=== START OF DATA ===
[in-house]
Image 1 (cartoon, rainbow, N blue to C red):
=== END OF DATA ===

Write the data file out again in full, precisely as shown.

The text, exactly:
[in-house]
Image 1 (cartoon, rainbow, N blue to C red):